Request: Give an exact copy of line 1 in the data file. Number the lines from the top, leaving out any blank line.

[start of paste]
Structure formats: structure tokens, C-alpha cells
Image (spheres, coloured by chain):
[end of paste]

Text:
Structure formats: structure tokens, C-alpha cells